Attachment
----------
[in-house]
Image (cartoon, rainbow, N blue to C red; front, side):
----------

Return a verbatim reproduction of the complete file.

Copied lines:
[in-house]
Image (cartoon, rainbow, N blue to C red; front, side):